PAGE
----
March 29, 2010
Investing Wisely in Child Survival with the Lives Saved Tool (LiST)
Public Affairs media contact for JHSPH: Tim Parsons at 410-955-7619 or email@example.com.
The International Journal of Epidemiology published a special issue today chronicling the development and recent use of the Lives Saved Tool (LiST)—a user-friendly computer program that helps donor agencies and governments make investments in child survival programs for maximum impact. LiST was developed in the Child Health Epidemiology Research Group (CHERG) with funding from the Bill & Melinda Gates Foundation through the U.S. Fund for UNICEF. The special issue of International Journal of Epidemiology was edited by Neff Walker, PhD, a senior scientist with the Department of International Health at Johns Hopkins Bloomberg School of Public Health, and is now available online (http://ije.oxfordjournals.org/content/vol39/suppl_1/).
Millions of mothers and children die every year because they do not receive basic care. While it is currently impossible to provide comprehensive care to all of them, LiST shows what interventions have the potential to avert the most deaths. The computer program can provide information for specific countries and regions based on estimates of disease burden and intervention effectiveness. The articles in this issue present the underlying modeling approach used to develop LiST, reviews of specific intervention effectiveness incorporated into the program, and examples of LiST predictions compared to observed results.
Years of work by the CHERG, an independent reference group for UNICEF and the World Health Organization (WHO), provide the foundation for calculations performed by LiST, and many of the articles included in the supplement address the effectiveness of specific interventions upon which estimates are based. In one analysis, Joy Lawn, MD PhD, of the Save the Children’s Saving Newborn Lives program, offers the first meta-analysis to show that “kangaroo mother care” (or constant skin-to-skin contact) substantially reduces neonatal mortality among preterm babies. “This new evidence shows 51 percent reduction in deaths for babies under 2000 grams (4 lbs.) from Kangaroo Mother Care, even compared to incubator care,” said Lawn. “For the lowest income countries, it’s a feasible alternative to intensive care.” In another article, a systematic review by Christa Fischer Walker, PhD, assistant scientist at the Bloomberg School of Public Health, highlights how zinc is a highly effective treatment for diarrhea that is still not at scale despite WHO and UNICEF guidelines.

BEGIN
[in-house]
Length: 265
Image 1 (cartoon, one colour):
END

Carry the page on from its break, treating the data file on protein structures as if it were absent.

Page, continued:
LiST’s performance is also assessed in several of the articles. In one analysis, Ingrid Friberg, PhD, also an assistant scientist at the Bloomberg School, compares the tool’s estimates of neonatal mortality reductions with those observed in South Asia as a result of community-based public health interventions. Results show that in the majority of cases the tool’s estimates are very close to actual results.
The Lives Saved Tool is a new way to help governments and international agencies push closer to Millennium Development Goals (MDGs) for maternal and child survival. For instance, in its 5th annual meeting, the African Science Academy Development Initiative used LiST to illustrate how countries could get on track to reach their MDGs. By providing fast and accessible information about impact and effectiveness, LiST can help policymakers direct resources to do the most good. “I share the enthusiasm of its developers about its potential impact on policies and programming,” said Cesar Victora, MD, PhD, professor, Post-Graduate Programme in Epidemiology, Federal University, Pelotas, Brazil.
Development and use of the Lives Saved Tool (LiST): A model to estimate the impact of scaling up proven interventions on maternal, neonatal and child mortality. International Journal of Epidemiology. Volume 39, Supplement 1, April 2010. Edited by Professor HPS Sachdev, Professor Andrew Hall and Neff Walker (http://ije.oxfordjournals.org/content/vol39/suppl_1/).
If you would like to support international health research or our students, you can make a contribution here.